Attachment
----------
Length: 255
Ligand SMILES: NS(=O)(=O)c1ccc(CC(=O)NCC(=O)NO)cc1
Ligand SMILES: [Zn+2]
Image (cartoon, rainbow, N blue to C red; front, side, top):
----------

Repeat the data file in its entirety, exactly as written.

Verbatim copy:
Length: 255
Ligand SMILES: NS(=O)(=O)c1ccc(CC(=O)NCC(=O)NO)cc1
Ligand SMILES: [Zn+2]
Image (cartoon, rainbow, N blue to C red; front, side, top):